By Indiewire | Indiewire July 1, 1998 at 2:0AM
A Band Apart in Minneapolis
Compiled by Aaron Krach and Eugene Hernandez
>> October Films Drops New Solondz Film
Indiewood studio October Films will not distribute Todd Solondz' new film, "Happiness", which premiered at the 1998 Cannes Film Festival, Hollywood trade publications are reporting today (Thursday, July 2nd). The move comes as the result of pressure from corporate parents Universal and Seagrams, according to the trades. Executives are reportedly reacting to the provocative subject matter included in the film.
Variety and the Hollywood Reporter indicated today that the film will instead be distributed domestically by a new arm created by the film's overseas distributor, Good Machine International.
"The reality is that there are some elements in the film that thematically are inappropriate for our parent company," October Films' partner John Schmidt told Variety. While Good Machine International President David Linde told Variety, "Aside from the controversy the film may generate, the simple fact remains that we believe this is a great American independent film. Period."
"Happiness", which was produced by Christine Vachon and Good Machine's Ted Hope, was a critical hit at Cannes, winning the Int'l Critics Prize. Reporting about the film following its Cannes debut, indieWIRE's Anthony Kaufman reported, "The director of the low-budget film 'Welcome to the Dollhouse' returns to the big screen with an assured film that will settle the minds of anyone doubtful of his abilities to continue an auteur's career. Selected for Directors Fortnight, Solondz's perverse black comedy, 'Happiness' is as enjoyable as it is disturbing. Among its sick and twisted characters, 'Happiness' profiles a suburban father who is also a serial-killing pedophile."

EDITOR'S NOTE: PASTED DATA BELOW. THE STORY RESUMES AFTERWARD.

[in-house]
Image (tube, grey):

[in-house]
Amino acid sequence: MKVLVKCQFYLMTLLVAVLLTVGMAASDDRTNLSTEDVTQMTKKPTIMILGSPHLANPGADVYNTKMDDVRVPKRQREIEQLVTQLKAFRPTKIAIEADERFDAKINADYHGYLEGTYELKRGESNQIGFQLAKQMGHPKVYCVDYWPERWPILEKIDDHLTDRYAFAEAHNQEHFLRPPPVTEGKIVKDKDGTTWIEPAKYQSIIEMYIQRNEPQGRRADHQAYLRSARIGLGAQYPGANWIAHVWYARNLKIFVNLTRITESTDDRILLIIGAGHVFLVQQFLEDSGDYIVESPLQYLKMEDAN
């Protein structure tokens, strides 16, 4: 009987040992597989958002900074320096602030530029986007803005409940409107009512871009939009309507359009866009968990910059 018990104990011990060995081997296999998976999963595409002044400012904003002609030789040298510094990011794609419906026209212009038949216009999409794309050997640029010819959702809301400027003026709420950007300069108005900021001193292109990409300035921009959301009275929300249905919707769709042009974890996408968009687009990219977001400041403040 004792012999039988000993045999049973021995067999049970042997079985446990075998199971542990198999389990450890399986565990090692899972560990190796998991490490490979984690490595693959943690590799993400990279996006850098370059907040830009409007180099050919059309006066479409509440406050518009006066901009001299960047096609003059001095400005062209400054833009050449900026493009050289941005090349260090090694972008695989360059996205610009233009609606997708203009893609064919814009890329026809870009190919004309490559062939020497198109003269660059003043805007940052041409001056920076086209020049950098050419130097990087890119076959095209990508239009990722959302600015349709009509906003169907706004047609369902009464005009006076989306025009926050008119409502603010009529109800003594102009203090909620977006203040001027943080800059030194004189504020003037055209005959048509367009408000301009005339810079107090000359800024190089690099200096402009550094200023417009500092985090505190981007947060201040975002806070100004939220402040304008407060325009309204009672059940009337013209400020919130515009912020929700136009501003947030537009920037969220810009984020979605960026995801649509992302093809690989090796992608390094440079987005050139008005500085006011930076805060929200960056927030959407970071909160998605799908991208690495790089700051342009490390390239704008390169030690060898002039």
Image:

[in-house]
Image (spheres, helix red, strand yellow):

"He had a wife and children. And I just couldn't help wondering who these people were," Solondz explained at Cannes. "Who his family was and how that could possibly exist? It was not a unique situation -- I've read about other serial killers whose wives have discovered dead bodies after many years in the basement. And that kind of management of an illness I just found very provocative."
>> Redeemable Features to Produce "Interstate 60"
Writer/director Bob Gale agreed to produce his directorial debut,
"Interstate 60" with Redeemable Features. "Interstate 60" is "an off-beat
road movie about a young man's search for answers along a highway that
doesn't exist on any map." Gale is best-known as co-writer/co-producer of
the "Back to the Future" series.
>> Van Sant Headed Back To Gay Roots
After finishing a remake of "Psycho," Gus Van Sant has signed with Columbia
Pictures to direct the gay-themed, "Brokeback Western." The story follows
two modern cowboys that travel and fall passionately in lust/love with each
other. "Lonesome Dove" novelist Larry McMurtry and his writing partner
Diana Ossana wrote the script. "Brokeback Western" first raised eyebrows
when it appeared as a short story in The New Yorker written by Pulitzer
prize-winning author Annie L. Proulx. The august pages of The New Yorker
were not accustomed to such steamy, queer ideas.
>> A Band Apart Making A Splash in the Twin Cities
A Band Apart, the production company that was founded by Quentin
Tarantino, Lawrence Bender and Michael Bodnarchek, is teaming up with
Minneapolis based Harder-Fuller Films to open an office in the Twin
Cities. Dubbed "A Band Apart -- Harder Fuller/Minneapolis", the company
will focus on advertising and commercial clients with Harder Fuller's Phil
Harder and Rick Fuller.